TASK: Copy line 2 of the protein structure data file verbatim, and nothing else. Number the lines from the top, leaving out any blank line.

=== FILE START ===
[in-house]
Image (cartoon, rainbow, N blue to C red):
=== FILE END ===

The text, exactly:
Image (cartoon, rainbow, N blue to C red):